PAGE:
Figure 7. Shaded relief image of the Northern Lau Basin and main directions of the back-arc spreading centers; the arrows indicate the oblique direction of the spreading centers. Values of spreading centers along NWLSC based on the magnetic profile M–M’ are shown in Figure 5b; rose diagrams of the morpho-lineaments detected along the FSC, the NWLSC and NLSC, the NELSC and the FRSC. n: number of morpho-lineaments.
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Figure 8. Conceptual models showing the regional bathymetry of the Northern Lau Basin: (a) the distribution of the temperature in the mantle; (b) the second invariant of the strain rate, both predicted by our numerical model. The 3D bathymetry was created using the open source software 3DEM (visualization software created by Richard Horne, USGS, http://www.hangsim.com/3dem/, accessed on 1 July 2021). Black line A–A’: bathymetric profile shown in Figure 2c. Red dashed line A-A’: crustal thickens shown in Figure 2c. White arrows indicate the location of the mantle rise below the back arc spreading centers. FSC: Futuna Spreading Center; NWLSC: Northwest Lau Spreading Center; FRSC: Fonualei Rift and Spreading Center; TSZ: Tonga Subduction Zone; TVA: Tonga Volcanic Arc.
Figure 8. Conceptual models showing the regional bathymetry of the Northern Lau Basin: (a) the distribution of the temperature in the mantle; (b) the second invariant of the strain rate, both predicted by our numerical model. The 3D bathymetry was created using the open source software 3DEM (visualization software created by Richard Horne, USGS, http://www.hangsim.com/3dem/, accessed on 1 July 2021). Black line A–A’: bathymetric profile shown in Figure 2c. Red dashed line A-A’: crustal thickens shown in Figure 2c. White arrows indicate the location of the mantle rise below the back arc spreading centers. FSC: Futuna Spreading Center; NWLSC: Northwest Lau Spreading Center; FRSC: Fonualei Rift and Spreading Center; TSZ: Tonga Subduction Zone; TVA: Tonga Volcanic Arc.
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Table 1. Velocity boundary conditions. In this table, subduction velocity applied to the subducting plate and parameters used to compute it (i.e., VS = VH − VL) are shown, together with their references. VS: subduction velocity; VH: slab hinge velocity; VL: convergence velocity.
Table 1. Velocity boundary conditions. In this table, subduction velocity applied to the subducting plate and parameters used to compute it (i.e., VS = VH − VL) are shown, together with their references. VS: subduction velocity; VH: slab hinge velocity; VL: convergence velocity.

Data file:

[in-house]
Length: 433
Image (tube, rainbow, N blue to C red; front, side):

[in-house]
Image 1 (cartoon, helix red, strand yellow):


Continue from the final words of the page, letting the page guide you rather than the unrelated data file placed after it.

VH (mm/year)Reference for VHVL (mm/year)Reference for VLVS (mm/year)
131.3[71]81.7 ± 0.8[36]213.0
Table 2. Rheological and thermal parameters. Here, some thermal and rheological parameters are implemented in the numerical experiments [62,64,72,73].
Table 2. Rheological and thermal parameters. Here, some thermal and rheological parameters are implemented in the numerical experiments [62,64,72,73].
Overriding PlateSubducting PlateMantle
Reference density (kg/m3)330033003300
Viscosity prefactors
(dislocation creep)
1 × 10−201 × 10−215 × 10−30
Stress exponents3.53.51
Thermal diffusivity (W/m K)1.3 × 10−61.3 × 10−61.3 × 10−6
Thermal expansivity (1/K)2 × 10−52 × 10−52 × 10−5
Heat capacity
(J/kg K)
125012501250
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Palmiotto, C.; Ficini, E.; Loreto, M.F.; Muccini, F.; Cuffaro, M. Back-Arc Spreading Centers and Superfast Subduction: The Case of the Northern Lau Basin (SW Pacific Ocean). Geosciences 2022, 12, 50. https://doi.org/10.3390/geosciences12020050

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Palmiotto C, Ficini E, Loreto MF, Muccini F, Cuffaro M. Back-Arc Spreading Centers and Superfast Subduction: The Case of the Northern Lau Basin (SW Pacific Ocean). Geosciences. 2022; 12(2):50. https://doi.org/10.3390/geosciences12020050

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Palmiotto, Camilla, Eleonora Ficini, Maria Filomena Loreto, Filippo Muccini, and Marco Cuffaro. 2022. "Back-Arc Spreading Centers and Superfast Subduction: The Case of the Northern Lau Basin (SW Pacific Ocean)" Geosciences 12, no. 2: 50. https://doi.org/10.3390/geosciences12020050